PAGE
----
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Preparing for the Inevitable: Protecting Your Household's Finances in Case of Death

Posted by Rebecca Hellmann on Jun 10, 2020 6:15:00 AM

Death is an unfortunate fact of life. Yet few people include this sad event in their plans for the future. The assumption is always, of course, that you have years ahead of you.

But what happens to your household finances if the worst were to happen? Here are steps you can take to help alleviate the pressures and ensure some level of stability.

  1. Calculate your current debt. Mortgages, auto loans, and credit cards are some standard debts most Americans have on their books. Medical debt and personal loans are also fairly common.

Some of these debts, such as home and automobile loans, are usually attached to titles with “Transfer on Death” or “Rights of Survivorship” notations. These provisions help ensure the assets stay within your household and are not subject to legal action.

finances-in-death-062020However, should you die it, is not merely your car or house that gets passed on. Your beneficiaries will also inherit the debt associated with these items. If your household cannot afford to make the required payments, they may be put in a tight spot.

As for other types of debt, creditors can make claims against a deceased’s estate to reclaim their money. Any personal items, financial accounts, and property titled only to the deceased may be included in the estate and liquidated to pay those debts.

  1. Determine your Funeral or Memorial costs. Planning a funeral or memorial for a loved one is hard. It is even harder when dealing with grief. Making your arrangements ahead of time will not only provide you insight into the cost but also provide some emotional relief for your family members in the future.

Pre-planning is especially crucial if you have some religious or personal preferences. Being cryogenically frozen, for instance, could cost up to $200,000 versus $1,000 for memorial service. One of these options may not be affordable if it has not already been arranged.

  1. Procure a Life Insurance policy or update your current one. Life insurance policies are designed to offset the risks of an unexpected death by providing monetary compensation to named beneficiaries. There are many different types of Life Insurance. But your goal is to get a policy that will provide adequate financial protection.

This step is where your debt calculations for debt and funeral costs come into play. The minimum policy you require will pay for your funeral, as well as your debts. For some households, additional funds may be needed to replace income temporarily.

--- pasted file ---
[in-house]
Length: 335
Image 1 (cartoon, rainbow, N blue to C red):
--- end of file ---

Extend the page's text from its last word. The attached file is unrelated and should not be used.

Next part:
Once you determine your needs, do your research on types of loans, shop around to multiple providers, and remember to update your policy as your financial situation changes.

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  1. Create a Will. Creating a Will seems a lot more complicated than it needs to be. Yes, it is a legal document. But today’s technology is quickly making the task of preparation far less daunting. Software such as Mama Bear Legal Forms, Do Your Own Will, and Free Will have reduced Will creation down to a series of questions that help you generate the appropriate legal documents.

However, a will is not considered legitimate unless it is signed and dated by the author (you) in front of two witnesses. These witnesses cannot be people who benefit from the Will. The best process for this step is to take your Will and witnesses to a notary where you will also be able to obtain a notarized document confirming your witnesses saw you sigh the Will willingly and while you were in your right mind.

  1. Leave instructions and contact information as needed. Most households designate specific tasks to each individual. Whether that is finances, chores, yard work, or child care; leave detailed instructions. Anything you think your family needs to know, write it down. It will help make the transition process a little easier.

No one wants to think about their demise. However, not preparing for it can leave your household in dire straits. Following these steps can help ease financial and emotional hardships for your friends and family should the worst happen.

Topics: consumer budgets, money management, household budgets


Written by Rebecca Hellmann

Rebecca Hellmann has been researching and writing in the payments technology industry for over six years. Prior to the payments industry, Rebecca developed marketing, branding, and content for businesses such as Bil-Jac, Benjamin Franklin Plumbing, and Homestead Furniture. She currently works as Director of Marketing for FCTI, Inc.
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